In the last act of the European club season, the Champions League final left a strong impression of Serie A returning to a position of power. Even if champions Juventus were unable to contain Barcelona’s inexorable surge to a fifth European championship title, they made it as difficult for the Catalans as anyone realistically could have.
Yet, much like Barca and Real Madrid’s dominance of La Liga, an outstanding team’s achievements are not necessarily indicative of a competition in rude health overall. The legendary Marcello Lippi, who knows a thing or two about near misses in Champions League finals with breathtakingly good sides, called the extent of Juve’s grip on their domestic league “embarrassing” in the lead-up to this year’s showpiece, per La Gazzetta dello Sport (via MailOnline).
There has been a growing sense that Italy’s other traditional giants need to respond and at last, AC Milan could be waking from their slumber. Furnished with new backing from Thai businessman Bee Taechaubol, who has been lining up a deal for a 48 percent stake in the club, the Rossoneri are making a splash in the summer’s transfer window after being restricted to the bargain basement in recent times.
After a frustrating beginning to the window, in which they missed out on Geoffrey Kondogbia (to city rivals Inter, who are also making aggressive inroads to strengthen) and Porto-bound Giannelli Imbula, the core of new coach Sinisa Mihajlovic’s group is beginning to take shape.
If the biggest winners from the Andrea Bertolacci signing look at first glance to be Roma, who have made a tidy profit on a good but not quite elite player, the signings at the front end of the pitch have begun to spark the imagination.
Forwards Carlos Bacca (who relinquished a potential Champions League campaign with Sevilla to join up) and Luiz Adriano of Shakhtar Donetsk are not far from being sure things, and completely change the threat that Milan pose. They are both experienced, mobile and carry proven records of scoring in European competition, even if they won’t have the opportunity to add to those tallies with their new club this season.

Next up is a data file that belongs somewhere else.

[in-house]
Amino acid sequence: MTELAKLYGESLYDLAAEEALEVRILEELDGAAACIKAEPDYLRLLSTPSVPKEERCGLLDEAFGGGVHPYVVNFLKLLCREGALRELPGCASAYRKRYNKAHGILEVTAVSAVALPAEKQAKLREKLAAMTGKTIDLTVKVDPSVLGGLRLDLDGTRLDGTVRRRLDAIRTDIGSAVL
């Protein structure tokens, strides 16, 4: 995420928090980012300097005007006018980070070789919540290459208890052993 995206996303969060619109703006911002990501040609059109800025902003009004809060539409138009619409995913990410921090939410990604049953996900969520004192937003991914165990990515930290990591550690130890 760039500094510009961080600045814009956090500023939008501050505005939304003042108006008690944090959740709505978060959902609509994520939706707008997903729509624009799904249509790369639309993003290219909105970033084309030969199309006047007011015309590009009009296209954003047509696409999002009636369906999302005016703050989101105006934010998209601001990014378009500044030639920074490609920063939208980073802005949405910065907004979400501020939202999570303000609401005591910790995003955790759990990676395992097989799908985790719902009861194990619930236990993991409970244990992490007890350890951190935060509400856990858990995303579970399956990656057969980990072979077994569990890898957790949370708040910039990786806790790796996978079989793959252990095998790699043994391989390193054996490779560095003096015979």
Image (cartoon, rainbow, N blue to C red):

Mihajlovic’s plan, as affirmed in his introductory press conference, to use a 4-3-1-2 formation will not only please chairman Silvio Berlusconi—who retains the majority shareholding—but harks back to Milan’s glory days, as per the club’s official website.
The spending has not finished and there is new, young talent too, with midfielder Jose Mauri (who scored a stunning winner for doomed Parma against Juve in spring) the latest on board, the club announced (h/t Ben Gladwell of ESPN FC). After Mihajlovic’s predecessors Clarence Seedorf and Filippo Inzaghi laboured with limited resources, there is scope for the new man to build something, especially with only Serie A and Coppa Italia action to focus on in this campaign.
To really kick on, approval for a new, bespoke stadium is surely imperative. The club are waiting on approval from landowners Fondazione Fiera to purchase the site on which to build a proposed 48,000-capacity arena, as per Sky and Gazzetta dello Sport (h/t Football Italia). This would give Milan a financial and ideological base, close to the Juventus Stadium model under which the champions have flourished.
Juve have to remain the yardstick. There will be some who will doubt the champions’ ability to retain their superiority after losing the inspirational Carlos Tevez but then again, plenty thought the replacement of Antonio Conte with Massimiliano Allegri would see their hegemony unravel—and look how that turned out.
In a season where Roma boldly trumpeted themselves as challengers, they were eventually nothing of the sort, clinging on to (just) confirm the second automatic Champions League place.
The Bianconeri will almost certainly continue to rule the roost with little argument this season. Milan’s immediate aim isn’t to topple them, though, or it shouldn’t be. It’s to become an irritant to them, and make themselves relevant again by being so.
Finding their on-pitch personality again—or certainly what should be their personality, according to Berlusconi—would be a positive step in that direction.